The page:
Grabbing at opportunities as they come along and being the best at what you do are Leticia Oaks Strong's credos. And that's how she ended up playing viola with the Los Angeles Philharmonic.
In an interview with the Deseret News, she says that, "I don't believe in going after something only halfway. I went after the position (with the Philharmonic) and got it."And that happened in 1994, right after she graduated with a bachelor's degree from the University of Southern California.
The Provo native, who at the moment is back in her hometown staying with her in-laws, will give a recital on Wednesday, June 30, at 7:30 p.m. in the Assembly Hall on Temple Square.
Accompanied by pianist Timothy Durkovic, Strong will present a program combining original works for viola along with transcriptions.
"I have an interesting program. I'm doing a piece that was written for me by Lansing McLoskey called 'Wild Bells.' It was commissioned by the Barlow Endowment at BYU. I got the music in April, and I premiered it earlier this month at the International Viola Congress in Guelph, Ontario (Canada). So when I play it next Wednesday, it'll be the U.S. premiere.
"I'm also doing Robert Cundick's viola sonata. It's a very tonal piece, very lovely and fun to play. He's going to be in the audience, too.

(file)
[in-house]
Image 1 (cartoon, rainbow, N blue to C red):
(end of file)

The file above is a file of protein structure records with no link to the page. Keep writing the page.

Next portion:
"Then I'm doing some transcriptions. I'm doing Bach's 'Sheep May Safely Graze,' Debussy's 'The Girl with the Flaxen Hair,' and Ravel's 'Piece in the Form of a Habanera.'
"What would we (violists) do without transcriptions!"
Strong, who is the daughter of Elder Merle Oaks of the LDS Church's Quorum of the Seventy, began playing violin with the Suzuki method when she was 3 or 4 years old.
"I played violin until I was 12, when my teacher suggested that I switch over to viola. And it was time that I did that. I was getting bored with the violin and with competing in violin competitions.
"I love the mellow sound of the viola. It's beautiful. And there are a lot of great works written for viola."
Strong comes from a musical family. "We're eight siblings," she explains, "and all of us played instruments. But only an older brother, who is a tenor and studying at the University of Utah, and a younger brother, who is studying cello at BYU, are keeping it up."
Strong is looking forward to her upcoming recital. "I usually do one recital in June, but this year I got to do two. I love doing them. I just need someone to organize them for me, and I'd be there."
June is an off month for the Los Angeles Philharmonic. There aren't any concerts until the Hollywood Bowl season begins in July. "And I don't have to be back in Los Angeles until July 6," Strong admits. "I got the first week (of the summer season) off so that I can spend the Fourth of July weekend with my family in Provo. It's been so many years since I had the chance to spend the holiday with my family."